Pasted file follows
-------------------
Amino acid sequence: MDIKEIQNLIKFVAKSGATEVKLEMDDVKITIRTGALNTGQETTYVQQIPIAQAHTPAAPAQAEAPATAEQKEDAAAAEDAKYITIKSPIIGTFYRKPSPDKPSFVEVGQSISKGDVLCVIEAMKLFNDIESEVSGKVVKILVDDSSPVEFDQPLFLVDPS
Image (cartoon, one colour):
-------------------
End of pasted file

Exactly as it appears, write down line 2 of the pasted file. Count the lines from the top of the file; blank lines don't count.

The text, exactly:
Image (cartoon, one colour):